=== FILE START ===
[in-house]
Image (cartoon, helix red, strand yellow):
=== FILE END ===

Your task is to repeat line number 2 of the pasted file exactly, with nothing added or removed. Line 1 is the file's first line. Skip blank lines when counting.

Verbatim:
Image (cartoon, helix red, strand yellow):